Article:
United States Department of Agriculture April 5, 2017
United States Department of Agriculture
April 5, 2017
The Honorable Tom Wolf
State of Pennsylvania
Harrisburg, Pennsylvania 17120
Dear Governor Wolf:
Office of the Secretary
Washington, D.C., 20250
On March 9, 2017, the Pennsylvania Acting State Executive Director of the Farm Service Agency (FSA), U.S. Department of Agriculture, requested a primary county disaster designation for 14 Pennsylvania counties due to losses caused by drought that occurred from May 1, 2016 through December 10, 2016.
In addition, in accordance with section 321(a) of the Consolidated Farm and Rural Development Act, counties in adjacent States are named as contiguous disaster areas. Those New Jersey counties are:
The primary county disaster designation Pennsylvania counties are:
USDA reviewed the Loss Assessment Reports and determined that there were sufficient production losses to warrant a Secretarial Natural disaster designation. Therefore, I am designating all 14 counties named above as primary natural disaster areas.
In accordance with section 321(a) of the Consolidated Farm and Rural Development Act, additional areas of your State are named as contiguous disaster counties. Those counties are:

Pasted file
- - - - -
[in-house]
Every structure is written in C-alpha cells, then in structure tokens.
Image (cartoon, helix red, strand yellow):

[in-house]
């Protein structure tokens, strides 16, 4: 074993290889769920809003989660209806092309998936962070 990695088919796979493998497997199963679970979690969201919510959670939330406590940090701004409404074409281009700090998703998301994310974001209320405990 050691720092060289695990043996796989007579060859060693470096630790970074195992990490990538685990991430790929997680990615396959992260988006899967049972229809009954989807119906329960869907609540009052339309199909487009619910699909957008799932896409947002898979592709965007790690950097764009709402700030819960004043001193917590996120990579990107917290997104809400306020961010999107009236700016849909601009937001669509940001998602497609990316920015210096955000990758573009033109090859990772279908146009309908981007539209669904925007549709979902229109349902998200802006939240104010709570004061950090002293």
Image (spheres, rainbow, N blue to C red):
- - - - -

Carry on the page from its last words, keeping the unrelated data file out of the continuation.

In addition, in accordance with section 321(a) of the Consolidated Farm and Rural Development Act, counties in adjacent States are named as contiguous disaster areas. Along with New Jersey, other states, counties, and numbers for contiguous counties in adjacent states are:
West Virginia (1)
A Secretarial disaster designation makes farm operators in primary counties and those counties contiguos to such primary counties eligible to be considered for certain assistance from FSA, provided eligibility requirements are met. This assistance includes FSA emergency loans.
Farmers in eligible counties have 8 months from the date of a Secretarial disaster declaration to apply for emergency loans. FSA considers each emergency loan application on its own merits, taking into account the extent of production losses on the farm, and the security and repayment ability of the operator.
Local FSA offices can provide affected farmers with further information.
Michael L. Young
Acting Deputy Secretary